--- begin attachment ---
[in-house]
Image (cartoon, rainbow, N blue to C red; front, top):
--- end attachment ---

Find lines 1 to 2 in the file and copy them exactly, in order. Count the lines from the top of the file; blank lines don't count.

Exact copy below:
[in-house]
Image (cartoon, rainbow, N blue to C red; front, top):